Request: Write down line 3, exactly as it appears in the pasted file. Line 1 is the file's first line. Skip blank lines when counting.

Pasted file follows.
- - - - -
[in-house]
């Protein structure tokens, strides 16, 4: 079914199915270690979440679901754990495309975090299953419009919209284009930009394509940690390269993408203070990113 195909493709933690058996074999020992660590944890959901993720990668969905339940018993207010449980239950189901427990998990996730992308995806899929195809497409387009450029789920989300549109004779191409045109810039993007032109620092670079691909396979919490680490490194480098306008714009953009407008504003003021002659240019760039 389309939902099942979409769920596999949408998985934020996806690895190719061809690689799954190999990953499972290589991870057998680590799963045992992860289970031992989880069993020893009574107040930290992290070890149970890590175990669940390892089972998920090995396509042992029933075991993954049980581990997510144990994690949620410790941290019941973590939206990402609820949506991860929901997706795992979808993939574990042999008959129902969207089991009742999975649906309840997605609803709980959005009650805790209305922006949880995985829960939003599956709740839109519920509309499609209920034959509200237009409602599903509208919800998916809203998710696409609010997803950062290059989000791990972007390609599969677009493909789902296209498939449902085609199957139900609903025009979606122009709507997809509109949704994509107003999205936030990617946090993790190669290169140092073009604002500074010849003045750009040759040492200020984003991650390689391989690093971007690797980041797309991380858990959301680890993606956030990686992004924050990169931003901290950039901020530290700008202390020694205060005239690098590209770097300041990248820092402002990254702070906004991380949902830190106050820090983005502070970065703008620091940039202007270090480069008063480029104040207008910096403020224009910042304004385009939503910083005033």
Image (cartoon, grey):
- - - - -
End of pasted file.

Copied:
Image (cartoon, grey):